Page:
# On the sum of non-equivalent inner products

Let $V$ be a complex vector space, equipped with two inner products $\langle \; , \; \rangle_1$ and $\langle \; , \; \rangle_2$, such that both $V_1 := (V,\langle \; , \; \rangle_1)$ and $V_2 := (V,\langle \; , \; \rangle_2)$ are Hilbert spaces. Consider $\langle \; , \; \rangle_3 := \langle \; , \; \rangle_1 + \langle \; ,\; \rangle_2$ and the corresponding inner product space $V_3 := (V, \langle \; , \; \rangle_3)$. Now it is clear to me that there is no reason to assume that $V_3$ is again a Hilbert space in general, but I can't come up with a concrete example illustrating this phenomenon.

Observe that this can only occur if $V$ is infinite dimesional and $\langle \; , \; \rangle_1$ and $\langle \; , \; \rangle_2$ are non-equivalent. In fact, to guarantee that $V_3$ is again a Hilbert space, it is sufficient to find some $c > 0$, such that for all $\forall v \in V$, we have $\langle v,v \rangle_2 \leq c \langle v,v\rangle_1$(In this case, $V_2$ doesn't even need to be a Hilbert space itself). All the examples I have in mind fulfill this condition, there doesn't seem to be an "obvious" example for when $V_3$ is not a Hilbert space. Does anyone have an idea ?

• Seems to me that $\langle\ ,\ \rangle_3$ will satisfy all the conditions of an inner product, so the gist of the argument will have to be showing that $V_3$ is not complete, i.e., that there is a $\|\cdot\|_3$-Cauchy sequence that does not converge in $V_3$. But if a sequence is $\|\cdot\|_3$-Cauchy, then it is also $\|\cdot\|_1$-Cauchy and $\|\cdot\|_2$-Cauchy, right? So it is not so clear to me that there's no reason toa ssume $V_3$ is a Hilbert space. Am I off my rocker here?
– Neal
Commented Sep 11, 2017 at 17:19
• Determining whether or not $V_3$ is complete as a metric space is precisely where the problem lies. An arbitrary cauchy sequence $(x_n)$ of $V_3$ is certainly a Cauchy sequence of both $V_1$ and $V_2$, so there are respective limits $y_1$ and $y_2$, as both spaces are assumed to be complete. The problem is that a priori, there is no apparent relation between $y_1$ and $y_2$, and as such, no apparent limit for the sequence in $V_3$. Commented Sep 11, 2017 at 21:30

Take two cases. The identity map $I_{1,2} \colon V_1 \to V_2$ has closed graph, or does not have closed graph. In the first case, all three spaces $V_1, V_2, V_3$ have the same topology (using the closed graph theorem). So your counterexample must be in the second case.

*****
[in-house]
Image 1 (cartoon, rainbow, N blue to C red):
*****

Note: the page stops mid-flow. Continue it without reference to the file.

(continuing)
Write $\|x\|_1,\; \|x\|_2,\; \|x\|_3$ for the norms corresponding to the inner products. Then $$\|x\|_3^2 = \|x\|_2^2 + \|x\|_2^2 . \tag{*}$$ Now suppose the identity $I_{1,2}$ does not have closed graph. Then there is a sequence $z_n \in V$ such that $(z_n, z_n)$ in the graph converges to a point $(a,b)$ not in the graph. That is, $\|z_n-a\|_1 \to 0$, $\|z_n-b\|_2 \to 0$, and $a \ne b$.

I claim $V_3$ is not complete. In fact, I claim that $z_n$ is a Cauchy sequence that does not converge.

We know $z_n$ converges in $V_1$, so $z_n$ is Cauchy in $V_1$; that is $\|z_n-z_m\|_1 \to 0$ as $n,m \to \infty$. Similarly $\|z_n-z_m\|_2 \to 0$. And then by ($*$) we have $\|z_n-z_m\|_3 \to 0$. Sequence $z_n$ is Cauchy in $V_3$.

Now I claim $z_n$ does not converge in $V_3$. So assume it does, say $\|z_n-c\|_3 \to 0$. Now by ($*$) we have $\|z_n-c\|_1 \le \|z_n-c\|_3$, so $z_n$ converges to $c$ in $V_1$. Hence $c=a$. Similarly $c=b$. This contradiction shows $z_n$ does not converge in $V_3$. So $V_3$ is not complete.

Remark Does this situation actually exist? Is there an example of an infinite-dimensional vector space $V$ and two complete inner products on it so that the graph of the identity is not closed? Yes. But, in a sense, no. We cannot explicitly write down such an example. It requires the Axiom of Choice (or Hahn-Banach theorem, or other non-constructive principle beyond ZF set theory).

Take any infinite-dimensional Hilbert space $(V,\langle\cdot,\cdot\rangle_1)$ and any discontinuous linear bijection $I$ on it. (A discontinuous linear bijection may be made easily from a Hamel basis, mapping each basis vector to a nonzero multiple of itself, but making sure the multiples used are unbounded.) Then define $\langle x,y\rangle_2 := \langle Ix,Iy\rangle_1$.

• Thanks! I assumed such a construction would be quite unnatural indeed. Commented Sep 12, 2017 at 13:39